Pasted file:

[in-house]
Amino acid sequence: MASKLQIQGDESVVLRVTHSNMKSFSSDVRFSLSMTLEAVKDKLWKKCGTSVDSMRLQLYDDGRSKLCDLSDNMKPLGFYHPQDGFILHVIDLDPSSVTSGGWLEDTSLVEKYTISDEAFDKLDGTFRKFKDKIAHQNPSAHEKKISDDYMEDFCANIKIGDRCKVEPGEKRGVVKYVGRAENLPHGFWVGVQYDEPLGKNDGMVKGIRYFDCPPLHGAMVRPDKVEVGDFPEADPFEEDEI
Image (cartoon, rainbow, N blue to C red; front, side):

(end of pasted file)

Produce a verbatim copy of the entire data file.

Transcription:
[in-house]
Amino acid sequence: MASKLQIQGDESVVLRVTHSNMKSFSSDVRFSLSMTLEAVKDKLWKKCGTSVDSMRLQLYDDGRSKLCDLSDNMKPLGFYHPQDGFILHVIDLDPSSVTSGGWLEDTSLVEKYTISDEAFDKLDGTFRKFKDKIAHQNPSAHEKKISDDYMEDFCANIKIGDRCKVEPGEKRGVVKYVGRAENLPHGFWVGVQYDEPLGKNDGMVKGIRYFDCPPLHGAMVRPDKVEVGDFPEADPFEEDEI
Image (cartoon, rainbow, N blue to C red; front, side):